Welcome to the second installment of a series where we take a deeper look at how to best communicate your intent to those around you on the road. In this discussion, we are going to take a look at the various way you can communicate your presence, as much as your intent.
Fortunately, there are a number of ways for you to let people know you’re there, whether it be through your own actions or through some technological means. Let’s dig down into the basics.
The A,B,Cs of Communicating Presence
Always remember that people may not notice your vehicle, even when it is clearly in plain sight. Sometimes it is up to you to communicate your presence.
For example: If you are about to pass a pedestrian or a cyclist, automatically assume that they don’t see you and are liable to move in front of your vehicle at any given moment. Once it is safe and legal to do so, steer to the left of your lane and lightly tap the horn, or at night, flash your lights. Make sure to execute these maneuvers from a distance, so as not to startle the individual.
When it comes to communicating your presence, few things do this better than your headlights, no matter the time of day. You should be running your lamps from dusk to dawn, especially in times of rain, snow, fog or other inclement weather. Remember, not only is this helping you see the road, it’s also helping other drivers see you.
The fact is, driver error is the number one cause of tractor-trailer accidents. Always stay vigilant, stay alert, and make sure you are doing your best to ensure those around you know you’re there. Remember, it’s not just your CSA scores at stake.
Your horn is right up there with lights among the best ways to communicate your presence. Even so, only use it when absolutely necessary – to prevent an accident, for example. Overuse of your horn is dangerous. Always remember that a light tap sends a far different message than a long blast.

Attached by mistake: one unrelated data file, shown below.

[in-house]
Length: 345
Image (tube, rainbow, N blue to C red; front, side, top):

For most purposes, only use your vehicle’s electric horn. The air horn is quite loud and can easily distract or frighten others.
In general, the horn should only be used to prevent an accident or warn others of impending danger. It isn’t a toy or all-purpose communication device and should be used only in appropriate situations.
When your vehicle is stopped on what is considered a “traveled” portion of the highway, you must immediately activate the hazard warning flashers. Any other emergency warning devices – such as flares or cones – need to be set out within 10 minutes.
As you place the devices, ensure you wear a high-visibility vest. If a high-visibility vest is not available, set the emergency warning devices up in front of you, with your body closest to the shoulder. And above all, be quick. Always be alert for vehicles that may not see you on the roadway.
For more information on warning devices visit section 392.22 of the Federal Motor Carrier Safety Regulations (FMCSRs).
When used safely and legally, the citizen’s band (CB) radio is a capable communication device. CBs can provide valuable information about weather and traffic. They also allow you to notify authorities in the event of an accident or emergency.
CBs are also how truckers communicate. The best way to send and receive crucial information is through each other. But just like your vehicle’s horn, CBs should be used with proper consideration and respect. Avoid idle chatter and never use offensive language over a CB radio.
These are some of the most capable and widely used means of communicating your presence, but they’re not all. Join us in our third and final part of our communication series, when we cover cell phone usage, text messaging, and deciphering communication from others.